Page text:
5 Signs Of Poor Mental Health

poor mental health

Millions suffer from poor mental health

Many people think that mental disorders will never affect them, but they are much more common than they realize, as experts report that 350 million suffer from depression worldwide.

A survey conducted by the National Center of Social Research found that one in four adults in the United Kingdom have been affected by some type of mental illness at some point in their lives (http://healthsurvey.hscic.gov.uk/media/37739/HSE2014-Ch2-Mental-health-problems.pdf).

Another 18% of the people surveyed noted that they have poor mental health despite never being diagnosed with a mental illness.

Brain disorders are common

The reason why brain disorders are common nowadays is that people simply don’t pay enough attention to their mental health. Most think that they’ll be able to avoid all types of illnesses simply by exercising and maintaining some type of a diet. Even though this will greatly benefit your health, there are other important considerations in protecting your mental wellness.

In order to prevent or slow down the development of certain mental illnesses, you’ll need to start paying more attention to your feelings, and mental reactions. Know that if a brain disorder goes untreated, it will only get worse over time and could cause some very serious consequences.

Keeping an eye on any signs of symptoms of a mental illness can be extremely helpful when it comes to detecting your problem at an early stage. In case you’re unsure what you should pay attention to, here are 5 common signs of poor mental health.

Chronic Stress And Anxiety

stressedWe all get stressed out and anxious from time to time, and that’s completely normal. However, if you start noticing that your high levels of stress and anxiety simply won’t go away, then you should immediately seek help from a mental health specialist or your doctor. Some of the symptoms of chronic anxiety and stress include constant headaches, restlessness, shortness of breath, heart palpitations, insomnia, a racing mind, burnout, and diarrhea.

Prolonged Sadness Or Unhappiness

Sometimes, life simply knocks you down, and it may take some time for you to get back on your feet and start observing it from a positive standpoint. This can be especially difficult for pessimists. Nevertheless, if you’ve noticed that you’ve been feeling unhappy or sad for an extended time period, you may be dealing with depression. If you rarely find yourself smiling and/or you lack energy and motivation to get through the day, see your doctor to evaluate for depression and other mental illness.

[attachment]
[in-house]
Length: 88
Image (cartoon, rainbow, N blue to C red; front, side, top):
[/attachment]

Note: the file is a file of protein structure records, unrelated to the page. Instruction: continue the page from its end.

Sleep Problems

Many people who suffer from mental illnesses can’t sleep properly. In order to remain healthy and function properly, you’ll need to get seven to nine hours of sleep every night. If you have difficulty falling asleep, then you might be dealing with anxiety or insomnia. On the other hand, if you’re sleeping too much, then you might be suffering from depression.

Weight And Appetite Changes

Symptoms of depression vary greatly, and you never know how this disorder might affect you. Some start eating an insane amount of food when they’re depressed, while others have to force themselves to eat. Sudden unexplained drops or increases in your weight or significant appetite changes typically mean you should pay a visit to a mental health specialist.

Emotional Outbursts

angry womanWhen dealing with a mental illness, it will become harder for you to control your emotions. Instead, negative emotions such as anger, frustration, and sadness will start controlling you.

Final Thoughts

Treatment is available, and if you are noticing any of the signs, it is very important to get an assessment and help before things get worse. Depression is especially important to address early on, since suicide is a common occurrence among the depressed. While women suffer from depression at higher rates, men are also affected and they are four times more likely to commit suicide.

Time to act on mental health

The costs of poor mental health are high: the total cost of mental illness is estimated at around 3.5% of GDP. People with mild to moderate disorders, such as anxiety or depression, are twice as likely to be unemployed. They also run a much higher risk of living in poverty and social marginalisation. The facts are clear: it’s time to act. For more info please visit: http://www.oecd.org/employment/mental-health-and-work.htm

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